Citing financial hardship, a longtime women's advocacy group in Charleston that attracted attention from Oprah Winfrey and Gloria Steinem over its nearly 30-year run is now shut down and dissolved.
The Charleston Center for Women officially closed its One Carriage Lane site in West Ashley on May 31.
"After much thoughtful consideration, deep exploration and strategic planning by the Center for Women board of directors, the decision has been made to dissolve,” Sonya Wyatt, the center’s board president, said in a written statement Monday.
The board said competition for ongoing financial support has grown over the past several years, making it impossible to sustain operations.
"The donations that the center received were not enough to cover the costs of the operating budget and allow the center to continue to offer its programming and services to the community," spokesperson Jenny Dennis said.
The center, which moved to West Ashley in 2017 after being on the Charleston peninsula for 10 years at 129 Cannon St., sold the downtown site to help support its operations at a new location.
The center provided programs for personal and youth empowerment, professional development and entrepreneurship. Its annual conferences attracted high-profile speakers such as Steinem and hundreds of attendees.
Many of its programs and membership features will live on through a transition to the YWCA Greater Charleston, "whose values are in alignment with our own," Wyatt said.
The YWCA Greater Charleston is exploring opportunities to extend some of the center’s more successful programs, such as SheStrong, a program that provides opportunities for young high school-aged women of diverse backgrounds to convene for skill-building, community service and learning programs to equip them with the tools to begin advocating for themselves.
YWCA Greater Charleston is also reviewing Connect the Dots, a monthly lunch-and-learn series that features local speakers and covers a variety of topics related to personal growth, professional development and community engagement with an emphasis on networking.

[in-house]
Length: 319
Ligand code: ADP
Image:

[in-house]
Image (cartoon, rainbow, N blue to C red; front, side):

“We are sorry to see the Center for Women, whom we have long considered a partner in our mission to empower women, end its three decades of service to the Charleston community,” said LaVanda Brown, executive director for YWCA Greater Charleston. “At the same time, we are glad to see this exemplary organization complete its many years of service on a strong note. We look forward to continuing the Center for Women’s legacy."
The Center for Women was founded in 1990 as The Center for Women in Transition and became a registered nonprofit in 1992.
Initially, it served as a counseling center to help women develop personal growth, productiveness and general well-being before it expanded its scope in 1996.
Under the direction of longtime leader Jennet Robinson Alterman, the organization developed as a hub for women, offering networking events, information sessions and referral services. Alterman led the center until 2013.
For several years, it attracted high-profile attention.
Steinem spoke at the annual Community Recognition Dinner in 1997, and Winfrey recognized the center for outstanding programming and awarded the nonprofit a $25,000 grant from Oprah's Angel Network in 2006.
In 2015, the center published the “Charting the Course for Change” report in conjunction with a statewide task force and the Riley Center for Livable Communities at the College of Charleston.
The report provided a comprehensive look into four areas, including leadership, health and safety, education and economic security as it relates to women throughout the state of South Carolina.
Center memberships will be transferred to the YWCA through the end of 2019.